She pauses for a well-deserved sip of her lager before recalls her first day in the Gate's rehearsal room: "There was all this tension of new people being in the room together and having to read the play for the first time aloud as a group - it was great," she says. "It's interesting because I didn't know the Irish actors' work. But, although they know my work from film, none of them has ever seen me on stage. So it was really interesting to go into that rehearsal room. I was just aching to do that.

"I recently went to see The Beauty Queen Of Leenane in New York with a friend who had a friend in the cast. We met them all in a bar after the show and I was so delighted to be in a theatrical community again - people talking about the theatre and that kind of adrenalin rush that happens after the show. It was so familiar. That's where I come from."

Frances McDormand was born in Illinois in 1958 and grew up with her older brother and sister in Pennsylvania. Her father, a preacher with the Disciples of Christ, moved the family around from one small town to another. "He wasn't The Apostle," she says, referring to Robert Duvall's wholly consumed preacher in a recent movie. "That's a popular perception of preachers. But my father's denomination was really mild. It wasn't like I grew up in a strict religious background - definitely not as strict as an Irish Catholic background. We were the preacher's kids, so wherever we lived my mother felt we just had to keep up appearances a little but more.

"We moved around the south, through these rural towns where the church was the social club. My father was really good at his job in that he's a really nice guy, very social and very good at bringing people together and at rejuvenating. I think that's why we moved around so much. What he was good at was going into a church that was kind of floundering, that didn't have a lot of young people, and he would get, say, someone who had just been to Jerusalem to come in and show us their slides, and he'd organise a spaghetti dinner. My mother was always in the choir and still is, and she's the secretary of the church now."

Her parents are very proud of her work as an actor she says, "in the way all good parents would be". Having mostly lived in towns with no immediate access to cinemas, they first became aware of her work on television which, she says, made them feel she was doing alright for herself. They have been to see every play she has been in, and they are coming to Dublin next month to see her at the Gate.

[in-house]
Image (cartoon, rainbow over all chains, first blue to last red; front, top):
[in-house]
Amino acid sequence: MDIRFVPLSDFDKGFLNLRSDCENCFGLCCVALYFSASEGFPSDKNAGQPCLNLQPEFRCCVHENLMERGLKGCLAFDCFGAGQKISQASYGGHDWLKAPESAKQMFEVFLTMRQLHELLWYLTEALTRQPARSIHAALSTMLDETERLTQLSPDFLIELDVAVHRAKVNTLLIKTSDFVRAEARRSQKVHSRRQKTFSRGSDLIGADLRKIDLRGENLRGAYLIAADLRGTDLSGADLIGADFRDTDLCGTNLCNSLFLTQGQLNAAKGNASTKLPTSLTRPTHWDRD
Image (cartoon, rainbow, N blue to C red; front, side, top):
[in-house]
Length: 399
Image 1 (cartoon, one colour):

She became interested in acting when she was 14, influenced by her English teacher who organised afternoons where the pupils memorised and acted out scenes from Shakespeare. The first role for the young Frances was playing Lady Macbeth in the sleepwalking scene. Seven years later, she had no doubt what she wanted to do and she went to study at Yale Drama School.

"I had no choice," she says. "I literally couldn't do anything else. I went to Yale when I was 21, which was good because I would have died if I'd gone to New York first. I'd always lived in small rural towns, so going to New Haven, Connecticut was a really big transition for me."

From Yale she took the plunge to New York, very quickly learning how difficult it is to support oneself in classical theatre, and she made extra money as a waitress and sought out work in commercials and episodic television.

One of her early roommates was another actress, Holly Hunter, and it was through her that she heard about Blood Simple, the darkly humorous, eerily atmospheric and highly imaginative 1984 thriller which introduced cinemas audiences to the